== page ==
Jackson Police Might See Stun Guns In ‘18

Photo courtesy of copcruisers.org
Photo courtesy of copcruisers.org

JACKSON – While other police departments around the state are adding conducted energy devices – “stun guns” – to their arsenals, Jackson Township Police don’t expect to see any in use by their department until at least the end of 2017, possibly into the new year.

Lakehurst Borough’s two sergeants completed CED training and were armed with their Taser X2s in February. Manchester Township sent officers to the prosecutor’s mandatory CED training course, and expects its department to be using CEDs by the spring.

While Jackson’s department does not yet have CEDs, Officer Vincent Rubio is a firearms instructor with Jackson police and is on staff at the Ocean County Police Academy.

Courtesy of allaboutstunguns.wordpress.com

“He was selected when {CEDs} were first authorized by the state to attend an instructor course for conducted energy devices so he could instruct officers in the county,” Captain Steven Laskiewicz told The Jackson Times.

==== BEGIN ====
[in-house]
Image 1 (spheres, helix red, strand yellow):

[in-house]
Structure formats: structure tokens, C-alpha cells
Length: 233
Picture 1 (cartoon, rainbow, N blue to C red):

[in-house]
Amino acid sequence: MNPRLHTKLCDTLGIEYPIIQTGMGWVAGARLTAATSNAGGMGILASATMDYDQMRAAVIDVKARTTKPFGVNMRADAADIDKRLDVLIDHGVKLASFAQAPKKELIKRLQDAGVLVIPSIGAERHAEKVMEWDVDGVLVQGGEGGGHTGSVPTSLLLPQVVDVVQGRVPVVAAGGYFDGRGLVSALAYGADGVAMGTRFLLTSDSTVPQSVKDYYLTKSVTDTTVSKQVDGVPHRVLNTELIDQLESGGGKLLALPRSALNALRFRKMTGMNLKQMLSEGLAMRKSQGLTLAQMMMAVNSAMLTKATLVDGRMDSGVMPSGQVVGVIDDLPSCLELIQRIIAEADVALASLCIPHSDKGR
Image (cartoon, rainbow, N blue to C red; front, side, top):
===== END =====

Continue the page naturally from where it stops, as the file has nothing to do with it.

The state attorney general last year changed rules regarding CED use, making them applicable for local police use. The Ocean County Prosecutor’s Office approved their use earlier this year. The Office held training for 20 officers the last week of February.

Officers must be trained to use CEDs, and get recertified each year. An officer using a CED must either wear a body camera and use a “Taser Cam,” which records the interaction between the police and the person aggressively resisting an officer. The CED is to be used to prevent a situation from escalating where deadly force may be used.

The CED works by deploying two probes that latch onto a person’s clothing. The person is shocked by the 50,000-volt electrical current that travels from the device down the wires, causing what those on the receiving end call a full-body Charley horse, thereby incapacitating them. Officers can then restrain them.

Some news outlets have reported that CEDs have led to injuries or death in rare cases. Amnesty International has urged even stricter limits on CEDs use. However, police said with proper training, they are a safer alternative. Should the barbs hit a sensitive area or prove difficult to remove, the EMTs will be called in. Severe cases, although unlikely, will require a trip to the emergency room.

“We do not currently use them and the chief is seeking to have them included in one of the upcoming budgets as they are a considerable expense,” Laskiewicz said.

Manchester Township is purchasing 20 Taser X2s with Taser Cams for $51,000 under a state contract.